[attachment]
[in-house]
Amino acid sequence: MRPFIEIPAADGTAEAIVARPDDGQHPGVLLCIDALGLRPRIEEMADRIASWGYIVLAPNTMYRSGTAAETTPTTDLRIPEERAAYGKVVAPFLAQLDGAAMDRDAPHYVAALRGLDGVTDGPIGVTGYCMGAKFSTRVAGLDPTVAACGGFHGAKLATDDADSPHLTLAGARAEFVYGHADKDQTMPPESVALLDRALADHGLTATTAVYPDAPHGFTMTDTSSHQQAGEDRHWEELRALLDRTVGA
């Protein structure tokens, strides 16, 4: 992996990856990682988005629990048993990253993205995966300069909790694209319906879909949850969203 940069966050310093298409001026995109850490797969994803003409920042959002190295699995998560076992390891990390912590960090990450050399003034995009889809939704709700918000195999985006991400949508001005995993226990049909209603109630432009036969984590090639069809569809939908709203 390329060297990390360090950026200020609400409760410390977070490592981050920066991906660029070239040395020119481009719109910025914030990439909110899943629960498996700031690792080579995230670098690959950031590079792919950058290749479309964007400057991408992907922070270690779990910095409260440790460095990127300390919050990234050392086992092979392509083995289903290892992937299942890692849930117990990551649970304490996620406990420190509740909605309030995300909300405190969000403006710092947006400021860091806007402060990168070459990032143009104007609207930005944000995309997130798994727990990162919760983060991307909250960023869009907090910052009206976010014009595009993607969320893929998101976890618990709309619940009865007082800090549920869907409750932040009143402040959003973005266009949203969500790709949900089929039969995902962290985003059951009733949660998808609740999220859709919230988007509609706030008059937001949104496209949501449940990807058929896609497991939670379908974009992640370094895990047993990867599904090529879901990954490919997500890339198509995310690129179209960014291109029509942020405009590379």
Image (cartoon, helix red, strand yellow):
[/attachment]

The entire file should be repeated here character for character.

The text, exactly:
[in-house]
Amino acid sequence: MRPFIEIPAADGTAEAIVARPDDGQHPGVLLCIDALGLRPRIEEMADRIASWGYIVLAPNTMYRSGTAAETTPTTDLRIPEERAAYGKVVAPFLAQLDGAAMDRDAPHYVAALRGLDGVTDGPIGVTGYCMGAKFSTRVAGLDPTVAACGGFHGAKLATDDADSPHLTLAGARAEFVYGHADKDQTMPPESVALLDRALADHGLTATTAVYPDAPHGFTMTDTSSHQQAGEDRHWEELRALLDRTVGA
């Protein structure tokens, strides 16, 4: 992996990856990682988005629990048993990253993205995966300069909790694209319906879909949850969203 940069966050310093298409001026995109850490797969994803003409920042959002190295699995998560076992390891990390912590960090990450050399003034995009889809939704709700918000195999985006991400949508001005995993226990049909209603109630432009036969984590090639069809569809939908709203 390329060297990390360090950026200020609400409760410390977070490592981050920066991906660029070239040395020119481009719109910025914030990439909110899943629960498996700031690792080579995230670098690959950031590079792919950058290749479309964007400057991408992907922070270690779990910095409260440790460095990127300390919050990234050392086992092979392509083995289903290892992937299942890692849930117990990551649970304490996620406990420190509740909605309030995300909300405190969000403006710092947006400021860091806007402060990168070459990032143009104007609207930005944000995309997130798994727990990162919760983060991307909250960023869009907090910052009206976010014009595009993607969320893929998101976890618990709309619940009865007082800090549920869907409750932040009143402040959003973005266009949203969500790709949900089929039969995902962290985003059951009733949660998808609740999220859709919230988007509609706030008059937001949104496209949501449940990807058929896609497991939670379908974009992640370094895990047993990867599904090529879901990954490919997500890339198509995310690129179209960014291109029509942020405009590379």
Image (cartoon, helix red, strand yellow):